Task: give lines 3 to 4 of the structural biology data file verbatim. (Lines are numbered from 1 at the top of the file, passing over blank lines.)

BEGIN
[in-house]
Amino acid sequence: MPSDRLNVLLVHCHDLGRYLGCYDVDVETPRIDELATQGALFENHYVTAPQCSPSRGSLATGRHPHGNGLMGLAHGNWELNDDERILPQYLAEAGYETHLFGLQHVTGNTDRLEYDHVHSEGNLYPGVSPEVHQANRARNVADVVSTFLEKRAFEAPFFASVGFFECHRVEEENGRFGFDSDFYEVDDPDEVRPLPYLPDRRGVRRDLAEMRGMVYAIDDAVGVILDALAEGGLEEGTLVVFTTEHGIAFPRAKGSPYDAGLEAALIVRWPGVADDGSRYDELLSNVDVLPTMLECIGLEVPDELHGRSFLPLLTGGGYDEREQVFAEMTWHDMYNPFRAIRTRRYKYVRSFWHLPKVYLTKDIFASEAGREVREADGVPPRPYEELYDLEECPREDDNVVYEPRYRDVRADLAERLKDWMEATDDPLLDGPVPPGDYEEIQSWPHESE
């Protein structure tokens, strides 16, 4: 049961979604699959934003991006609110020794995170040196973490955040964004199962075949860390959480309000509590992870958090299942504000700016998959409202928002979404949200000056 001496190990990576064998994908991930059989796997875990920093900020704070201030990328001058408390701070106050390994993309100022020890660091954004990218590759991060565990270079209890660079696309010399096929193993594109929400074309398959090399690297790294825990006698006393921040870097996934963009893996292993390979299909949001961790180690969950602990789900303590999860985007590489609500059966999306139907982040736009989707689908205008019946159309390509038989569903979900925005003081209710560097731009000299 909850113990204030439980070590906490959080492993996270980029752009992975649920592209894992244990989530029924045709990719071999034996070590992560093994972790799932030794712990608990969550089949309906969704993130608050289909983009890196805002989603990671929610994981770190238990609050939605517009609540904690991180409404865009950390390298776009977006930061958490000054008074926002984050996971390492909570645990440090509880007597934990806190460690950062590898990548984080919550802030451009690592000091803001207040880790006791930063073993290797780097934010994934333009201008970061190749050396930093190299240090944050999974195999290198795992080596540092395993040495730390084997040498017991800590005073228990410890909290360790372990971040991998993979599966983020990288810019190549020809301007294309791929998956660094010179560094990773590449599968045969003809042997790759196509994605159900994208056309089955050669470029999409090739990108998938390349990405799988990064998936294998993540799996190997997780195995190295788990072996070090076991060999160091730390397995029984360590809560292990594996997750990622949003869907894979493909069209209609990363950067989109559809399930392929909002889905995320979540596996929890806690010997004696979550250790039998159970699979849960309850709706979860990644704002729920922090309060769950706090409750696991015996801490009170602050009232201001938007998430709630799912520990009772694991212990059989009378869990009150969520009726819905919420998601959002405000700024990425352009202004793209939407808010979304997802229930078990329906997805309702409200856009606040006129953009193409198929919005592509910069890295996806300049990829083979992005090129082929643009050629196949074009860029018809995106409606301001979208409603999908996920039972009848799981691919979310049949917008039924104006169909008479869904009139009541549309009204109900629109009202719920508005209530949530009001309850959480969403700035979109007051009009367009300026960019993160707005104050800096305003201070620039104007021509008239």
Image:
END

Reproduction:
């Protein structure tokens, strides 16, 4: 049961979604699959934003991006609110020794995170040196973490955040964004199962075949860390959480309000509590992870958090299942504000700016998959409202928002979404949200000056 001496190990990576064998994908991930059989796997875990920093900020704070201030990328001058408390701070106050390994993309100022020890660091954004990218590759991060565990270079209890660079696309010399096929193993594109929400074309398959090399690297790294825990006698006393921040870097996934963009893996292993390979299909949001961790180690969950602990789900303590999860985007590489609500059966999306139907982040736009989707689908205008019946159309390509038989569903979900925005003081209710560097731009000299 909850113990204030439980070590906490959080492993996270980029752009992975649920592209894992244990989530029924045709990719071999034996070590992560093994972790799932030794712990608990969550089949309906969704993130608050289909983009890196805002989603990671929610994981770190238990609050939605517009609540904690991180409404865009950390390298776009977006930061958490000054008074926002984050996971390492909570645990440090509880007597934990806190460690950062590898990548984080919550802030451009690592000091803001207040880790006791930063073993290797780097934010994934333009201008970061190749050396930093190299240090944050999974195999290198795992080596540092395993040495730390084997040498017991800590005073228990410890909290360790372990971040991998993979599966983020990288810019190549020809301007294309791929998956660094010179560094990773590449599968045969003809042997790759196509994605159900994208056309089955050669470029999409090739990108998938390349990405799988990064998936294998993540799996190997997780195995190295788990072996070090076991060999160091730390397995029984360590809560292990594996997750990622949003869907894979493909069209209609990363950067989109559809399930392929909002889905995320979540596996929890806690010997004696979550250790039998159970699979849960309850709706979860990644704002729920922090309060769950706090409750696991015996801490009170602050009232201001938007998430709630799912520990009772694991212990059989009378869990009150969520009726819905919420998601959002405000700024990425352009202004793209939407808010979304997802229930078990329906997805309702409200856009606040006129953009193409198929919005592509910069890295996806300049990829083979992005090129082929643009050629196949074009860029018809995106409606301001979208409603999908996920039972009848799981691919979310049949917008039924104006169909008479869904009139009541549309009204109900629109009202719920508005209530949530009001309850959480969403700035979109007051009009367009300026960019993160707005104050800096305003201070620039104007021509008239």
Image: